When the Young Miss was in grade school — lo these 3+ decades ago — parents who allowed their children to walk, in good weather, anywhere from 1/10 to at most 1/3 mile to school were treated to investigation by the Forces of DefCon. And, effectively, put on probation by same for their neglect. This in what was a small, safe rural subdivision of what I’d call lower-middle class families, and where the school district did not provide bussing to children who lived within walking distance of the school — on the grounds that such a walk to & fro was not really unbearably and unconscionably onerous to the pupils.

    .

    –End of rant … for now. Natalie, a good posting on a positively nauseating state of affairs.

  • bobby b

    “Can one sue one’s parents posthumously?”

    Sure, but only until the parent’s estate has been closed. Happens a lot in car accident cases in which the at-fault driver dies. It’s the only path to their insurance coverage.

  • Julie near Chicago

    Hm. Thanks for the info, bobby. 🙂

    Unfortunately, neither of my folks did anything suitworthy, and both estates were closed long ago. Cheated, I tells yer! I been cheated! ;>)

  • In my day (quavers Niall Kilmartin while leaning heavily on his cane – this is all so alien it feels it must be that long ago 🙂 ) we stayed in the playground during lunch – no-one was allowed to leave to face the dangers of fast food or anything else. We were told to eat what was set before us, and if you sicked it up they were quite capable of putting a fresh serving in front of you and standing over you while you ate it. (I’ve never been able to endure gooseberries since I experienced just that with a gooseberry fool one primary school lunch.)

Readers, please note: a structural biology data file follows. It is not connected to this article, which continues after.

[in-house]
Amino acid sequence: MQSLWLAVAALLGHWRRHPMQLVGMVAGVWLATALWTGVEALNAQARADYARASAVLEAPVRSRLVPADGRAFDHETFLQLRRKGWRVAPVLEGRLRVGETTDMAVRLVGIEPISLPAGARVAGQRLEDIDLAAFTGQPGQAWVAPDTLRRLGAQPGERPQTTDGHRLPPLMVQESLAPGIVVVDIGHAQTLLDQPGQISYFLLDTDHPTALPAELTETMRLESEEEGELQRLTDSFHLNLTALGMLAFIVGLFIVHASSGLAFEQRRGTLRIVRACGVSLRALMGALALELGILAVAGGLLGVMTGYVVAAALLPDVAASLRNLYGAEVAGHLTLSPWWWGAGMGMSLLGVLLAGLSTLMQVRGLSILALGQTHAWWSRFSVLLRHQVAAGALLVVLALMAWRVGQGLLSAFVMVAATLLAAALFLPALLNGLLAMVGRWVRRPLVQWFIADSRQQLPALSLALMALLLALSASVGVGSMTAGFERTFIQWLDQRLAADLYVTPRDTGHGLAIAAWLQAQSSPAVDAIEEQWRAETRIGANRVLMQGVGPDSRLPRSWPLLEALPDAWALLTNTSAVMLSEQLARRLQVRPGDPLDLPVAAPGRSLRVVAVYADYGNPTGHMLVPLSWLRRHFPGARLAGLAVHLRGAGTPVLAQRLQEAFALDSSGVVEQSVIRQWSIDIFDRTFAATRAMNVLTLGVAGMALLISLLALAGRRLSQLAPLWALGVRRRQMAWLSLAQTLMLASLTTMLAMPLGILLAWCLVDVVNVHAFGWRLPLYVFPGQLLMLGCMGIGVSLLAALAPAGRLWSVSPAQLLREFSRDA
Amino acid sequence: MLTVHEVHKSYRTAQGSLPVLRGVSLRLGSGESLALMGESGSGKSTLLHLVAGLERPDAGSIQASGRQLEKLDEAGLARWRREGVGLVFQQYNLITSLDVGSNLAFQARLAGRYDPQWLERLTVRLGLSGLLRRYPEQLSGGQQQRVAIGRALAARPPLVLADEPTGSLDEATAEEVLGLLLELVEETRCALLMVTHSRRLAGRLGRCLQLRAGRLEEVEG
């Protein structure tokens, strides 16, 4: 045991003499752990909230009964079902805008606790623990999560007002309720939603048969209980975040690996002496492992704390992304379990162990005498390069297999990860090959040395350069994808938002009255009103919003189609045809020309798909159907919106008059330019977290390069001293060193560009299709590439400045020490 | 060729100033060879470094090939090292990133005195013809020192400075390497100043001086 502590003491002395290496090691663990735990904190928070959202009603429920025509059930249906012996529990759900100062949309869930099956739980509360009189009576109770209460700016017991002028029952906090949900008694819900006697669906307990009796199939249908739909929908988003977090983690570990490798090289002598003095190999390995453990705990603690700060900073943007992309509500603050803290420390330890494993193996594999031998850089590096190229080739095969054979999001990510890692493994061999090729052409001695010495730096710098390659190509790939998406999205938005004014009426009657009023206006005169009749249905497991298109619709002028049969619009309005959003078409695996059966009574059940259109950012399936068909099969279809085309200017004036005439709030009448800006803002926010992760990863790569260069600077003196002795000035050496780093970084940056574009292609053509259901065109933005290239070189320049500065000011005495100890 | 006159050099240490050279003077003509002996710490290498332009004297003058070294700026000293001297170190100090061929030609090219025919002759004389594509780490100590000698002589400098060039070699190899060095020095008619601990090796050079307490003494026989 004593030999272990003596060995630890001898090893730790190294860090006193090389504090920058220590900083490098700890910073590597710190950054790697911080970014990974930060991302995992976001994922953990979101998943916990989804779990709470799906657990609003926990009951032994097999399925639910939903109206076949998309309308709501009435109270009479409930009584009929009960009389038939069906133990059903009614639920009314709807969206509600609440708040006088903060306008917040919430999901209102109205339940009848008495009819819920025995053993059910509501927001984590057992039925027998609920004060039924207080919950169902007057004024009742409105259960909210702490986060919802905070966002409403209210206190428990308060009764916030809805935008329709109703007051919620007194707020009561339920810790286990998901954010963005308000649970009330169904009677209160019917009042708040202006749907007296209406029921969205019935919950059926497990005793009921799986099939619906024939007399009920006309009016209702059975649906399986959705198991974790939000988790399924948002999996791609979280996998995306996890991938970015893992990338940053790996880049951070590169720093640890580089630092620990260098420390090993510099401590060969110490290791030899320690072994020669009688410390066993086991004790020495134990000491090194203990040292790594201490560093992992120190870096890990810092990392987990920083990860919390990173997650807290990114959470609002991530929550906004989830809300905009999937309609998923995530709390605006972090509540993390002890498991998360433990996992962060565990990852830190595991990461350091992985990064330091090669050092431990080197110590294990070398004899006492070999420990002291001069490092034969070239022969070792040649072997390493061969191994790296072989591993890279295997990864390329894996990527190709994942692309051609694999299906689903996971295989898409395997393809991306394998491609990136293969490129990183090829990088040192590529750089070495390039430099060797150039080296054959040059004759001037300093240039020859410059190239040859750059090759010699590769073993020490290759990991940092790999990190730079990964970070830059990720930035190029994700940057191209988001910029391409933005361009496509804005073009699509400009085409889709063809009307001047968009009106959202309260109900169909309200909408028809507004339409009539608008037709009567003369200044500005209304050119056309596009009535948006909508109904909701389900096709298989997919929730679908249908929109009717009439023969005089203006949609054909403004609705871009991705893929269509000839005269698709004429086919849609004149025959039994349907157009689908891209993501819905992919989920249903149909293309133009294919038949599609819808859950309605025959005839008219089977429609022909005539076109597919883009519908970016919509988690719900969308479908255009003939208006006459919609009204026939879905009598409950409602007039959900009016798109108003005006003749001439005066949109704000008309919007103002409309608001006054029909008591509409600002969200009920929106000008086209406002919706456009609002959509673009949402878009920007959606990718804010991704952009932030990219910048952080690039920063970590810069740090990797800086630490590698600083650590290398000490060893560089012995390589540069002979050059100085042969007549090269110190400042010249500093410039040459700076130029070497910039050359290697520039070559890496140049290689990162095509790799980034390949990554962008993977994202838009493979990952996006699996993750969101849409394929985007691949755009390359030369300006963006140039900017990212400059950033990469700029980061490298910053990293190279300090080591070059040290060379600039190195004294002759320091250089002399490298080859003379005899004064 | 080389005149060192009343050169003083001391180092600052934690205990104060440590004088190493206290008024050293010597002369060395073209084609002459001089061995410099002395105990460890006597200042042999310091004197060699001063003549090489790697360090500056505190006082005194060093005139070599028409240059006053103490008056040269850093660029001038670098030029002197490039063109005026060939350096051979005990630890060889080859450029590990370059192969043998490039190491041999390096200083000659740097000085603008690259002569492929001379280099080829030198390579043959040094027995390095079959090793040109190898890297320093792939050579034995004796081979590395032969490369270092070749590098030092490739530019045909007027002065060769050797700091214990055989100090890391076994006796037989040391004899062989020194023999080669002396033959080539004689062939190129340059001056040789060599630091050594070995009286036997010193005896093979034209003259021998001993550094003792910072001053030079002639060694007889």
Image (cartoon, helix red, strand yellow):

And that was a boys school; the girls were tougher in this and other ‘deportment and manners’ respects. A girl I often ate out of a mess tin with in the back of a four tonner crammed with squaddies told me she was finally grateful to her school for putting a plate between her body and each elbow during meals and making her eat without dropping them: “It taught me to eat in a confined space.”

    On the other hand, no one asked any silly questions about how safe were the games we played. It was my proud boast that I could make a run of ‘British Bulldogs’ against my entire class. I wonder if the game has been banned there now on safety grounds – or because ‘British’ offends some natz teachers?

  • bobby b